Business

All the news that’s fit to buy

Anthony Whittingham December 10 1979
Business

All the news that’s fit to buy

Anthony Whittingham December 10 1979

All the news that’s fit to buy

Business

Anthony Whittingham

It was by all accounts the most bizarre afternoon The Globe and Mail newsroom has seen in many a year. Newsbreaks, scoops or world crisis may occasionally stir the tempo at Canada’s most “serious” daily newspaper, but the tension in the air last Friday came from an entirely different source: anxiety from within the newspaper itself—like the tremor of fear and excitement sweeping through a hive of bees at the birth of a new and rival queen. Rumors hummed from desk to desk; tight knots of reporters and editors clustered together in urgent conversation. Was the Toronto Globe and Mail about to be sold? And FP Publications—the crossCanada newspaper chain of which the Globe is the flagship paper—was it about to fall into “enemy hands”? Feelings at the Globe seem to run deep. The rumor which had exploded into the open last Friday—that FP is on the verge of being bought out by three Toronto financiers, Conrad Black, John Bassett Sr. and George Gardiner—was greeted with such hostility by staff members that it provoked what will probably be remembered as the most stirring display of the entire affair: the revolt of Roy Megarry. Publisher of the Globe for scarcely a year, and a man believed more interested in mechanical systems and accounting efficiency than in the romance of journalism, 42-year-old Megarry showed “the true mad Irishman in him” at the height of Friday’s tension. He confronted the rumor of the FP sale by announcing to all employees in the newsroom that he was willing to lead a separate movement by employees to buy the Globe away from the chain to maintain its precious independence. “It was a glorious gesture,” said one former Globe staffer, “in the greatest Globe and Mail tradition.”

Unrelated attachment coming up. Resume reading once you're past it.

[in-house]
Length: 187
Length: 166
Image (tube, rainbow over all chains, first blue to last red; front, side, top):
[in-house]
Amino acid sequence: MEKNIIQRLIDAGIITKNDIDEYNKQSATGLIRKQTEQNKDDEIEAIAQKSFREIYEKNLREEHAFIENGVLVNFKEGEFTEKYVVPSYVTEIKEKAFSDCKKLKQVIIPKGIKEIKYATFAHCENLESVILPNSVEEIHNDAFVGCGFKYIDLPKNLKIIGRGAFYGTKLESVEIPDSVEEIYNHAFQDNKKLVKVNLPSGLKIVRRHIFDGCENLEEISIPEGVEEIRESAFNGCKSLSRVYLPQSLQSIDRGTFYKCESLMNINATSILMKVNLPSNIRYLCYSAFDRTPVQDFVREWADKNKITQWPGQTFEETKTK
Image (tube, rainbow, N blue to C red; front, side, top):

Megarry’s bravado, however, has little, if any, chance of success. It could even cost him dearly if perceived by FP directors as a form of mutiny. Though an old friend of Megarry’s, and the man responsible for hiring him last year, FP President George Currie put an end to the romantic pipe-dreaming: “The

Globe is not for sale. The FP chain may be for sale but the paper isn’t.”

If Currie is correct and FP is up for

grabs, it could lead to a change in policy and editorial direction at eight major Canadian newspapers having a combined daily circulation approaching one million.* Currie confirmed on Friday that Toronto financier Conrad Black, the ambitious new chairman of Argus Corporation Ltd. and Massey-Ferguson Ltd., had requested—and received—vi-

*FP Publications Ltd. is Canada’s third largest newspaper chain after Thomson Newspapers Ltd. and Southam Inc. Privately-owned by five family holdings; FP publishes the Ottawa Journal, Toronto Globe and Mail, Winnipeg Free Press, Calgary Albertan, Lethbridge Herald, Vancouver Sun, Victoria Daily Colonist and Victoria Times.